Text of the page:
Special sequences for those searching


Apparently, some people want the MASPERGERS*<->MLARGESPER* sequence back after I removed it following a period of dabbling in existentialist philosophy, which is a torture I wish only on those peers performing grave offenses against something I cherished. In any case, here they are:


Keep the fact that you cannot just dump it into a standard DNA translation engine and expect to see the pattern in mind. You have to translate it biologically, meaning that you start at the ATG and end and the TAR. Translated forwards and assuming a 100% translation by those constraints (and ignoring things like friction and potential jamming), you will get MASPERGERS*. Translated backwards, you will get MLARGESPER*, which is very close to an anagram. Finding out that no one else had done this example was almost unbelievable (and you may see the initial posts at WrongPlanet, the other WP, as a vanished signature).

Return to Biochemistry

Ach! Vae mihi! I was commissioned to construct a paper model of G. gallus catalase last year q3 and forgot about working on it until now! It is time to launch the almighty UGene with the alignment between the PDB of the cow catalase and the sequence (i.e. non-graphical) of the chicken catalase.

A brief look at the PDB entries reveals that the vertebrate with the most entries is the cow, B. taurus. There are some human models as well, but the ones available are erythrocyte catalase while the cow models are liver catalases, just like the ones used during the first laboratory assignment in AP Biology.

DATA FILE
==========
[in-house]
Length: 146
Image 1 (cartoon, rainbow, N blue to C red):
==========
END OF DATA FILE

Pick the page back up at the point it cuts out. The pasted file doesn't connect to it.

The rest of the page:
[If only Chimera was a bit more stable and had a better alignment interface. Ah well, UGene has a perfectly good one. Also, keep in mind the fact that I am using only B. taurus and G. gallus and H. sapiens sequences when I say anything is conserved.]

The initial 41 or so residues seem a bit less conserved. 1TGU reflects this with a somewhat chaotic arrangement with an unusual amount of coil. This is just sequence A, so it may be incorrect. Enabling sequence D and taking a cursory look at only the ribbons (without atoms), reveals that the initial helix is probably necessary for proper assembly of the enzyme. The loosest interval at the moment (to be verified against conservation later)  seems to be (16,22), although 16 and 17 would have to have fairly high helix propensities. What I previously thought was a practically non-essential coil seems to be the place where chain C binds to chain A, and hydrogen bond inference indicated that the two chains were bound relatively tightly through the interval (24,38). Perhaps, this simply indicates that the choice of amino acids for this component is less strict and easily adaptable. I doubt the heme-binding sites will be as loose.